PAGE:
This spring, as my freshman year of college came to a close, I began to search for a summer job. I knew I wanted to work for an organization that promotes small government and individual liberty, but I had no idea where to begin.
I got a part-time job as a contributing writer for The Daily Caller, but I wanted to contribute more. I spent weeks searching for a job with no success, and I was almost ready to give up my goal.
Then, out of nowhere, a friend reached out. He asked if I knew anyone interested in working for a group called the Freedom Foundation.
I immediately recognized the name.
I was first introduced to the Freedom Foundation in high school, at an event called the Oregon Freedom Rally. At the group’s table, I encountered a professional-yet-friendly contingent of staff. After talking for a few minutes, I grabbed a pocket Constitution and went on my way.
Little did I know, the Freedom Foundation would become a large part of my life several years later.
As it turns out, my friend was the Oregon outreach director for the Freedom Foundation. His initial offer soon became my summer job. I was hired as a canvasser.
I would work on my own, only going down to the office occasionally.
I was surprised to discover the staff was mostly composed of younger people, all of whom were easy to talk to. Even though I was only working in the office for the summer, I immediately felt welcome as one of their own.
I began my work by making phone calls, something one might refer to as “remote canvassing.” My job was to advise public employees about their constitutional right to resign their membership in their union.
I met mixed responses.
Some would express interest, and we would have a lengthy conversation. At times, public employees would tell me about issues with their union. Sometimes the union was controlling. Other times, the union wasn’t representing them.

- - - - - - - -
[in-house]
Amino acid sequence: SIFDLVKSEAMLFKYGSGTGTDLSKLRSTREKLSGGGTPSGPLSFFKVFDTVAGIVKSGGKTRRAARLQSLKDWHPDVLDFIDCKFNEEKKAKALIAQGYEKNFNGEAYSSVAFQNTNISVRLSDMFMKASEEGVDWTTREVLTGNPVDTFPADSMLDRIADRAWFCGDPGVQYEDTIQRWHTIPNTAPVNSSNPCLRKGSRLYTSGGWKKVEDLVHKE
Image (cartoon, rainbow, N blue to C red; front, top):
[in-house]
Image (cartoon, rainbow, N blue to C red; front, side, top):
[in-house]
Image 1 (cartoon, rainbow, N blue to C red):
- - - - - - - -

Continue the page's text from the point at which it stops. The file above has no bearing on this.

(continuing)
But most often, the union was using their money to play partisan politics. When the employee needed help, or the union was potentially breaking the law, I would jot down a note, “Refer to legal.”
Some of those I talked to would yell or curse, upset that I supposedly wanted to take away their benefits. This wasn’t true.
Every employee, regardless of union membership, must receive equal benefits from their union’s collective bargaining agreement.
However, when I encountered these individuals, I would just respond, “I’m glad that you’re happy with your union. Have a nice day!”
I eventually moved on to conduct research for the outreach team. The goal was to pull back the curtain on union corruption by investigating their politics and finances. After digging through public financial records, tracing political connections, and combing through documents, the results made themselves clear.
The unions are partisan political fundraising machines. In fact, we found multiple cases where officials penalized public unions for campaign finance violations . We also found stark contrasts in spending that show clear, undeniable favoritism towards one political party.
This should not have been surprising, considering the amount of left-wing content released by the unions. However, for someone new to public unions like myself, these results were shocking.
Aside from conducting research and making calls, I carried out miscellaneous jobs, such as organizing files and putting outreach material together. These tasks, though relatively minor, taught me to find purpose in everything.
Organizing files meant helping the Freedom Foundation become more effective. Putting outreach materials together meant presenting our message of individual liberty to public employees.
I found a new significance in everything.
Needless to say, working for the Freedom Foundation was an incredibly valuable experience. I now see the need to advance liberty in every aspect of American life … public policy, society, education and the workplace.
I would like to thank the Freedom Foundation for this opportunity. I highly recommend working for this professional group of freedom fighters.